6. Put everything else on hold. As important as they are, your other agenda items — financial reform, home mortgage mitigation, cap-and-trade legislation — pale in significance relative to universal healthcare. By pushing everything at once, you take the public’s mind off the biggest goal, diffuses your energies, blur your public message, and fuel the demagogues who say you’re trying to take over the private sector. You have to win this.
Robert Reich, one of the nation’s leading experts on work and the economy, is Chancellor’s Professor of Public Policy at the Goldman School of Public Policy at the University of California at Berkeley. He has served in three national administrations, most recently as secretary of labor under President Bill Clinton. Time Magazine has named him one of the ten most effective cabinet secretaries of the last century. He has written 13 books, including his latest best-seller, “Aftershock: The Next Economy and America’s Future;” “The Work of Nations,” which has been translated into 22 languages; and his newest, an e-book, “Beyond Outrage.” His syndicated columns, television appearances, and public radio commentaries reach millions of people each week. He is also a founding editor of the American Prospect magazine, and Chairman of the citizen’s group Common Cause. His new movie "Inequality for All" is in Theaters. His widely-read blog can be found at www.robertreich.org. More Robert Reich.
Nelson Mandela and his wife Winnie in this undated file picture.
Mandela is accompanied by his former wife Winnie, moments after his release from prison February 11, 1990 after serving 27 years in jail. (Reuters)
In this February, 1990 photo, shortly after his release from 27 years in prison, Nelson Mandela, gives the black power salute to the 120,000 supporters packing Soccer City stadium in Soweto, near Johannesburg. (AP Photo)
Nelson Mandela showed his passport in February 19, 1990, shortly after his release from prison. The South African government authorized an application for himself and his wife Winnie - (Juda Ngwenya / Reuters)
In this July 27, 1991 photo, Cuban President Fidel Castro, and Nelson Mandela gesture during the celebration of the "Day of the Revolution" in Matanzas, Cuba. (AP Photo)
In this July 4, 1993 photo, President Bill Clinton and Nelson Mandela listen during Fourth of July ceremonies in Philadelphia during which Clinton presented the Philadelphia Liberty Medal to the African National Congress president and South African President F.W. de Klerk. (AP Photo/Greg Gibson)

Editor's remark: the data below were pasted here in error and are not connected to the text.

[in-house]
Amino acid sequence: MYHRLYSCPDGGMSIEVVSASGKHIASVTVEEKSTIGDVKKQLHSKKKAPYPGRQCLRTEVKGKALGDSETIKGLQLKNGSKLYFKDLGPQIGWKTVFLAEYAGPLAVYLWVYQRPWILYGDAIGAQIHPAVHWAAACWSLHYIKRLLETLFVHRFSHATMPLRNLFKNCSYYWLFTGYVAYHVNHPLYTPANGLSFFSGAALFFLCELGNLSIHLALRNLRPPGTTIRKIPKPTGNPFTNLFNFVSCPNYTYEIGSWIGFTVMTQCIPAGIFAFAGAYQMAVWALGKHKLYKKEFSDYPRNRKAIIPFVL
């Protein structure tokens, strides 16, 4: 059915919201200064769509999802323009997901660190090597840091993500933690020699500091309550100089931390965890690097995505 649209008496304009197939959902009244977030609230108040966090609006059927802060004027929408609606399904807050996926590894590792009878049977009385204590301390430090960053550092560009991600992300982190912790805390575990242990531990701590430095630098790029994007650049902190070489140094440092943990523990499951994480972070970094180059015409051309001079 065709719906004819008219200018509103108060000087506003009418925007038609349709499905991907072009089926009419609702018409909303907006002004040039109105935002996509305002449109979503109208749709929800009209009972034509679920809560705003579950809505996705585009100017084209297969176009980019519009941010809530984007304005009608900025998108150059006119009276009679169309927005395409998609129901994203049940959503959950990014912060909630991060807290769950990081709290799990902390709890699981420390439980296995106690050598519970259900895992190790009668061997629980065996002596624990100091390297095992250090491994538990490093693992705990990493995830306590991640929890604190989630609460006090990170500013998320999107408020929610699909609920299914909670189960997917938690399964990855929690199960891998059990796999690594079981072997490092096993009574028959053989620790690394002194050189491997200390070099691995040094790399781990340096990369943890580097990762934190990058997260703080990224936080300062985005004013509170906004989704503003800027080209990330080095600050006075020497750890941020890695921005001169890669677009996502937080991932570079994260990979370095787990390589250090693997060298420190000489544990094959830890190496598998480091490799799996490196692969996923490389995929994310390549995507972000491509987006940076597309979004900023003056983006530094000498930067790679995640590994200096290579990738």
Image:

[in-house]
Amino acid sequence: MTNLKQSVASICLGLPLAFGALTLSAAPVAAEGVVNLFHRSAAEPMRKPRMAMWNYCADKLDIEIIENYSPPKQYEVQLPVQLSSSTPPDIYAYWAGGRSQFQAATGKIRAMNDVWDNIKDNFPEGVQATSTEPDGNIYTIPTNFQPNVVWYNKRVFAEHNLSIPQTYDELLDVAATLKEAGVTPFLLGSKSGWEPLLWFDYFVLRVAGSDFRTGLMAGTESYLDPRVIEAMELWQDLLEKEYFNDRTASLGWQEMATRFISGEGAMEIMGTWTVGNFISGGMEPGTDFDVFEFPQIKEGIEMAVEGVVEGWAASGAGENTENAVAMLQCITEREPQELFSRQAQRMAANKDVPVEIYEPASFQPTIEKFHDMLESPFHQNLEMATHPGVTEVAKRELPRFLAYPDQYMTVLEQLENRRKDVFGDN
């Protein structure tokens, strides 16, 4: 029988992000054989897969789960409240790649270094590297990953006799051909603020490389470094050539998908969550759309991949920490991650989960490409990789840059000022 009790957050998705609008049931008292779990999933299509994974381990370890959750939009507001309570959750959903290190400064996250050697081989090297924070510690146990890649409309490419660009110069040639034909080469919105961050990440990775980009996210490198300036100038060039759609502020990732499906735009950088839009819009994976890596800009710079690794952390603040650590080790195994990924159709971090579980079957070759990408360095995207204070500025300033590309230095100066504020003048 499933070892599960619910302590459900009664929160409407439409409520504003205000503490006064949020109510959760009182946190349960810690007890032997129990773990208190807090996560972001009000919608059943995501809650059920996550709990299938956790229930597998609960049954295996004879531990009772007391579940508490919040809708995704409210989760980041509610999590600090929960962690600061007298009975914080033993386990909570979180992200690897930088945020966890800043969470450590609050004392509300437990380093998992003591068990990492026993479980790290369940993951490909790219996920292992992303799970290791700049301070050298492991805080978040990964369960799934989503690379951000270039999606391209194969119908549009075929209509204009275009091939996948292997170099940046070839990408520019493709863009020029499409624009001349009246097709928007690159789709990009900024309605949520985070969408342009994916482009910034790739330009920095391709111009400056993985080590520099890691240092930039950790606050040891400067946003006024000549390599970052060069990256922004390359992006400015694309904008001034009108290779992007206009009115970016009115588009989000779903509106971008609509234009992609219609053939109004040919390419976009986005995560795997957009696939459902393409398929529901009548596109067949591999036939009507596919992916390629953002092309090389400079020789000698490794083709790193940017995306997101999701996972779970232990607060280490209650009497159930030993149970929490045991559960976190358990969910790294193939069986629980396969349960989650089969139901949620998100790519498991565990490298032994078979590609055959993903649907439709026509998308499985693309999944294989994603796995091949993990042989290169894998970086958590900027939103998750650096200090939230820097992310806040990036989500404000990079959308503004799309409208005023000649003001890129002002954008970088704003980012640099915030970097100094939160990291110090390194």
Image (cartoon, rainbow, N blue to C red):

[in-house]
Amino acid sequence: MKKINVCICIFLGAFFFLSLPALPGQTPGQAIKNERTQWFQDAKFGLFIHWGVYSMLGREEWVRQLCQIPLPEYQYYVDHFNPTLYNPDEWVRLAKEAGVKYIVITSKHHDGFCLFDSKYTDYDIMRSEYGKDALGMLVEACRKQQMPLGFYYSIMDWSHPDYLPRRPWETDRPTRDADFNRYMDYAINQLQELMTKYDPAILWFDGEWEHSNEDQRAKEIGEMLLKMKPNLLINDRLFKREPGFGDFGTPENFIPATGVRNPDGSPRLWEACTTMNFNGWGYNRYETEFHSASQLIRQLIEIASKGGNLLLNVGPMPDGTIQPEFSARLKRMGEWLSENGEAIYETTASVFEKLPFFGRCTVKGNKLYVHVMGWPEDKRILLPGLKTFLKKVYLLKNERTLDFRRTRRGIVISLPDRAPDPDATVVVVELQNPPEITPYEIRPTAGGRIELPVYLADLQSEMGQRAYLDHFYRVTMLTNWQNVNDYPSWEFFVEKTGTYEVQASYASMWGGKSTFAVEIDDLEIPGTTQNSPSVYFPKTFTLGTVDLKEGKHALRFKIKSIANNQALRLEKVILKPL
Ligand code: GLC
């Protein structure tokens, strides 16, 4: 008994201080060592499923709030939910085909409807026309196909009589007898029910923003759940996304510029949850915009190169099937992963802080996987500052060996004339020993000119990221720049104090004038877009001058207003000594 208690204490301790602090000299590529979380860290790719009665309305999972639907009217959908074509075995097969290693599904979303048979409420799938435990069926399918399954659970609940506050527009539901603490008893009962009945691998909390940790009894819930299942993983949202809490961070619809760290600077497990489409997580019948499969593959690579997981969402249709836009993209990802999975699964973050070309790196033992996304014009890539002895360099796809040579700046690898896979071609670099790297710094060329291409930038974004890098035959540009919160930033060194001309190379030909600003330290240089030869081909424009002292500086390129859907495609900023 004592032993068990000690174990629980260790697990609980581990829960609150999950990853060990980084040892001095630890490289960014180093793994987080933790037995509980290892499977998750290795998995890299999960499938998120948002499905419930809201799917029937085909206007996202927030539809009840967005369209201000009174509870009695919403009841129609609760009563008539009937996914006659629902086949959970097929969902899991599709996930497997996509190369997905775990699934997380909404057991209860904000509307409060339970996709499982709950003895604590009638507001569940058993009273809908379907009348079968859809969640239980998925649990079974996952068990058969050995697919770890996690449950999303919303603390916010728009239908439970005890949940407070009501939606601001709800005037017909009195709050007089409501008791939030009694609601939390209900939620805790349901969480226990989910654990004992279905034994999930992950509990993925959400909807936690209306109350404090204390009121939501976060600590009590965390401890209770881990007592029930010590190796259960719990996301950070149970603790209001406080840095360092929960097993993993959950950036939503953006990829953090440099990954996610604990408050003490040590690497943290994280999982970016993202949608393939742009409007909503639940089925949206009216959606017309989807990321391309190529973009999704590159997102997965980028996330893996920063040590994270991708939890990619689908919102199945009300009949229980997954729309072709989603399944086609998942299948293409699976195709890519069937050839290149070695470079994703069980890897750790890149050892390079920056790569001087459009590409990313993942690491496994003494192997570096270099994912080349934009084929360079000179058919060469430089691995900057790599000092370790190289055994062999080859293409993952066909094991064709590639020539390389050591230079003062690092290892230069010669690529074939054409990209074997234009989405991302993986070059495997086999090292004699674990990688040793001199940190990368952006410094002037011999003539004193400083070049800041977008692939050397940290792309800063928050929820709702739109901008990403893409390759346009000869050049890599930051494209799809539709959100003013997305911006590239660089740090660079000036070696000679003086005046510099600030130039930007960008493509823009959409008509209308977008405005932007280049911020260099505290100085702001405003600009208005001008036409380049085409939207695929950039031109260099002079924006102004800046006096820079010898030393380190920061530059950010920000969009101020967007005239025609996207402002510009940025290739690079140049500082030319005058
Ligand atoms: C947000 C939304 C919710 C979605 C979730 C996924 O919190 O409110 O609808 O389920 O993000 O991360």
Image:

President of the African National Congress Nelson Mandela acknowledges cheers from the crowd as he prepares to unveil the ANC's official election platform in 1994. (AP Photo/David Brauchli)
African National Congress (ANC) leader Nelson Mandela greeted residents of Mmabatho in March 1994, during a visit after the nominal homeland came under South African control following the ousting of the former President Lucas Mangope. (Reuters/Howard Burditt)
South African President Nelson Mandela smiles with actor Sidney Poitier at a press conference in Cape Town in 1996. Poitier played Mandela in the film "One Man, One Vote" (AP Photo / Sasa Kralj)
South African President Nelson Mandela waves to crowds as he sits next to Queen Elizabeth II in a an open carriage on the way to Buckingham Palace.(AP/Louisa Buller)
Chairman of the Constitutional Assembly Cyril Ramaphosa, left, holds up a copy of the country's constitution which was signed by President Nelson Mandela, in December 1996. (AP Photo / Adil Bradlow / POOL)
Nelson Mandela at a news conference in Johannesburg in February 2000. (AP Photo / Denis Farrell)
South African rugby captain Francois Pienaar, right, received the Rugby World Cup trophy from President Nelson Mandela also wearing a South African rugby shirt, after South Africa defeated New Zealand in the Rugby World Cup , in 1995. (AP Photo / Ross Setford)